The early 1970s were a great time to be a kid who loved car toys. Hot Wheels and Johnny Lightning fueled the imagination with cool cars that were designed to go fast. Slot cars were going strong with the battle between AFX and Tyco. And the folks at Kenner came up with their own take on speed play: the SSP.
Kenner’s SSP (Super Sonic Power) cars featured a central gyro wheel powered by a ripcord that could propel them to ridiculous speeds. The brightly colored plastic cars were usually six to nine inches long—about the size of the popular 1:24 scale model kits. Details were generally well executed, but often compromised by the need to make the cars stand up to playwear, with chunkier parts and black rubber details. And of course, they all had either a visible giant fifth gyro wheel or holes in the roof to insert the rip cord.
The SSP line was made from 1970 to 1978 in the U.S., with many of the models available in other countries under different brands for a few years after that. Like Hot Wheels and Johnny Lightning, Kenner’s designs included a wide range of fantasy racers, plausible dragsters, and realistically proportioned stock cars.
The Super Stocker was one of their first reality based cars, a nicely scaled rendition of the Plymouth Super Bird. Licensing the design of real cars for toys was kind of a gray area at the time, so the early SSP models used nonspecific but suggestive names instead of the cars’ actual nameplates. The Super Stocker tends to sell for big bucks these days, as it was only in production for one year (it had a fragile wing that frequently broke off) and gets extra attention from MOPAR collectors.
Later models based on real cars often included non-stock details that appealed to kids but might make purists cringe. The Boss Hoss (a Mach 1 era Mustang fastback), the Cuda (a second-generation Barracuda) and the V-1 (an early C-2 Corvette) all had well-proportioned bodies but with ridiculous engines and pipes sticking out of the hoods.
A later El Camino model looked more cartoonish with an even more ridiculous engine. The SSP line also included a Mustang II that was designed to do tailspins and other stunts as part of the “Tournament of Thrills” set.
Kenner reached way back in automotive history as well. The Mod Mercer was a based on a 1910 Mercer Runabout (watch out for that fragile hood ornament!) and the Cord Roadster was a faithful reproduction of the 1930s Cord 810/812. The Cord is fairly rare model, as it was only sold as part of the 1972 “4-n-1 Collectors Set” which contained one chassis, 3 bodies, and enough extra parts to assemble a fourth jalopy.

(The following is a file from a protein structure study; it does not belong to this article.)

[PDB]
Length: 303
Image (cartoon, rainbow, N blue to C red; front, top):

If zooming cars in a straight line was fun, smashing them into each other was a total riot. In 1971, the first Smash-Up Derby cars were released, the Boss Henry (a ’57 Ford coupe) and the Blast ‘Em (a ’57 Chevy Nomad). These came pre-dented and included contrasting colored fly-off parts for extra excitement during crashes. The bodies of the cars look like they were at one time nice models that had been melted and distorted to look damaged. The next year, SSP added the Tough Tom (early ’70s GMC pickup) and the Buggem (a VW Beetle).
Subsequent Smash-Up cars were a bit different, in that the cars did not look damaged. The Classy Crashers set included the Sedan Royale (a Lincoln MK IV Continental) and the Luxury Limo (a nonspecific mid ‘60s Rolls Royce).
And in Europe, there was even a set featuring a Renault 4 and a Citroen 2CV.
The final American SSP models were custom vans, seemingly based more on Dodge than any other marque. A Star Wars themed set was final hurrah before kids got their first Pong consoles and moved onto video games. Hasbro briefly revived the SSP line with new models in the mid-1990s, but they were short-lived.
Many collectors of SSP cars try to obtain pristine examples, along with some beater cars so they can occasionally fire them up and zoom them across the room. The racing action is a fun now as it was back then, which is why the cars remain popular today.
Ron Ruelle is Social Media Guy for hobbyDB.com.